Kabul bombing toll rises
Kabul - A suicide car bomb attack targeting Nato troops in the Afghan capital on Tuesday killed more than 20 civilians in one of the deadliest strikes in Kabul in months, an army doctor said.
The bomber detonated in western Kabul during the busy rush hour, close to an army recruitment centre and a hospital, but the Afghan interior ministry said Nato's International Security Assistance Force (ISAF) was the target.
"We have five bodies brought to our hospital so far... the number of the dead is more than 20, all civilians. The death toll is very high," Afghan army chief doctor General Ahmad Zia Yaftali told AFP.
There was no immediate claim of responsibility for the attack, but the Taliban militia has made suicide bombings a signature of its nearly nine-year insurgency against the Western-backed Afghan government and US-led troops.
Tuesday's bombing was the first major attack in Kabul since February 26 when Taliban suicide bombers targeted guesthouses, killing 16 people including Westerners and Indians in one the deadliest attacks on foreigners.
The Islamist militia is waging an increasingly deadly insurgency and attacks have increased over the past 12 months in the heavily guarded capital.
"It was a suicide attack," interior ministry spokesman Zemarai Bashary told AFP, adding the target was ISAF in the west of the city.
"There are a number of casualties, civilians killed and wounded," he told AFP. He did not have further details.
ISAF said it was unable to confirm whether there were any Nato casualties in the attack, but said it was assisting with the rescue operation.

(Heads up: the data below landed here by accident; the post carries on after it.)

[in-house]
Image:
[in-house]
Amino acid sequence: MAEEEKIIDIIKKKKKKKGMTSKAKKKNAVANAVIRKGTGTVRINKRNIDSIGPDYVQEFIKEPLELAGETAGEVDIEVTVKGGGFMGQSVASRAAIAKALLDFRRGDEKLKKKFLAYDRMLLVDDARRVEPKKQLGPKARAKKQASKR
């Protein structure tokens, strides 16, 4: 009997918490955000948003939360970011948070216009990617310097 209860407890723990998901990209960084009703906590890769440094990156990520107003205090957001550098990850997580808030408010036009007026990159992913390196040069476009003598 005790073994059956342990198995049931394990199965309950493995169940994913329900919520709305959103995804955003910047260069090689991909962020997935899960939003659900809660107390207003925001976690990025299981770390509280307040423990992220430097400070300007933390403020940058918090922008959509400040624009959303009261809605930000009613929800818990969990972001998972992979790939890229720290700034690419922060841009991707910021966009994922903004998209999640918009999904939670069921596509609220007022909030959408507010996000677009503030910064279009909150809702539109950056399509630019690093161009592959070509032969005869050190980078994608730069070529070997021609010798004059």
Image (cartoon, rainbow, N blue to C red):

Afghan television broadcast footage of the bomb site, where US soldiers and Afghan police were seen inspecting a minivan.
Last month, Afghan authorities announced the arrest of nine would-be suicide bombers who were allegedly plotting attacks on "strategic targets" in Kabul.
The men, aged between 16 and 55, were arrested during a coordinated operation that included raids on at least one madrassa, or religious school, in the capital, a spokesman for the country's spy agency said.
So far this year, 202 Nato soldiers have died, marking the deadliest January to mid-May period in the Afghan war, as the Taliban fight escalates and the West pours thousands more troops into battle.
The grim toll is an AFP tally based on the independent icasualties.org website, after four Nato soldiers were killed on Monday.
From January to end-May 2009, 119 Nato soldiers died in Afghanistan. Overall, 520 NATO troops died in 2009, the deadliest year so far for US-led foreign troops since the 2001 US-led invasion brought down the Taliban regime.
Since summer 2009, one or two Nato soldiers have died on average each day. The United States and its Nato allies are increasing to 150 000 their military deployment in Afghanistan. About two-thirds of the troops are American.
The United States believes the troop "surge" can wrest the initiative from the Taliban in key population centres and allow American forces to start withdrawing from the unpopular and costly conflict next year.